Postoperative pain is a frequent cause for delayed discharge following outpatient procedures, including anorectal surgery. Both central and peripheral pain receptor sensitization are thought to contribute to postoperative pain. Blocking these receptors and preempting sensitization prevents hyperalgesia leading to lower pain medication requirements. Studies in the orthopedic, urologic, and gynecologic literature support this practice, but the use of preemptive analgesia in anorectal surgery is understudied.
This study aimed to evaluate the effectiveness of preemptive analgesia in decreasing postoperative pain.
This is a randomized, double-blinded, placebo-controlled trial.
This study was conducted at the University of Vermont Medical Center, a tertiary care referral center in Burlington, Vermont.
Patients who were over 18 years of age, ASA Physical Status Classes I, II, or III, and undergoing surgery for anal fissure, fistula or condyloma or hemorrhoids were selected.
Preoperative oral acetaminophen and gabapentin followed by intravenous ketamine and dexamethasone were given before incision compared with oral placebos.
The primary outcomes measured were postoperative pain scores, percentage of patients utilizing breakthrough narcotics, and rates of side effects.
Ninety patients were enrolled. Because of patient withdrawal, screen failures, and loss to follow-up, 61 patients were analyzed (30 in the preemptive analgesia group and 31 in the control group). Patients in the active group had significantly less pain in the postanesthesia care unit and at 8 hours postoperatively. Significantly fewer participants in the active group used narcotics in the postanesthesia care unit and at 8 hours postoperatively. Average pain scores were excellent for both groups. There was no difference in the number of medication-related side effects between the 2 groups.
This study was limited by the small sample size and excellent pain control in both groups.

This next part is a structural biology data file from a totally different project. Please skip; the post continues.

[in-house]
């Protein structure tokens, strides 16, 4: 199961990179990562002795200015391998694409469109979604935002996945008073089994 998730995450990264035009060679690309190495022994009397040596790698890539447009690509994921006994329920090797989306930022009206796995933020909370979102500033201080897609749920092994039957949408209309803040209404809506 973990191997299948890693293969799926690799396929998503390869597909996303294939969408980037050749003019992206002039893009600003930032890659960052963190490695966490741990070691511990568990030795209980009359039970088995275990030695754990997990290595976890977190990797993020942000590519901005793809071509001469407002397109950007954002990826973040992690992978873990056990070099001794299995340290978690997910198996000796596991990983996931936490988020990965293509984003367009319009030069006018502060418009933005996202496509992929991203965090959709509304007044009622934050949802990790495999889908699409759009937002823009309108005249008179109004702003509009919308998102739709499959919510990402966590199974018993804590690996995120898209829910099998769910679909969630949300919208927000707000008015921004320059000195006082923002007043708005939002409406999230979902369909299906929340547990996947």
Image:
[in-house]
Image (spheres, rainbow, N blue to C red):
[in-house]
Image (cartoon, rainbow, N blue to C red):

Preemptive analgesia is safe and results in decreased pain in the early postoperative period following anorectal surgery. It should be implemented by surgeons performing these procedures. See Video Abstract at http://links.lww.com/DCR/A588.
1 Department of General Surgery, Albany Medical Center, Albany, New York
2 Department of Surgery, University of Vermont Medical Center, Burlington, Vermont
3 Department of Emergency Medicine, Naval Medical Center, Portsmouth, Virginia
4 Department of Anesthesiology, University of Vermont Medical Center, Burlington, Vermont
5 Department of Statistics, University of Vermont, Burlington, Vermont
Funding/Support: This research was supported by the Eugene Salvati Grant #097 from the Research Foundation of the American Society of Colon and Rectal Surgeons.
Financial Disclosures: None reported.
Disclaimer: The views expressed in this article are those of the authors and do not necessarily reflect the official policy or position of the Department of the Navy, Department of Defense, or the United States Government.
Research data derived from an approved University of Vermont IRB protocol, number 00000485.
Trial Registration Number: Clinicaltrials.gov registration number NCT 02402543.
Podium presentation at the New England Surgical Society Resident and Fellow Research Day on May 8, 2018. Presented at the meeting of the New England Society of Colon and Rectal Surgeons, York, ME, May 20 to May 21, 2017. Poster presentation at the meeting of The American Society of Colon and Rectal Surgeons, Seattle, WA, June 10 to June 14, 2017.
Correspondence: Peter A. Cataldo, M.D., Department of Surgery, University of Vermont Medical Center, 111 Colchester Ave, Burlington, VT 05401. E-mail: firstname.lastname@example.org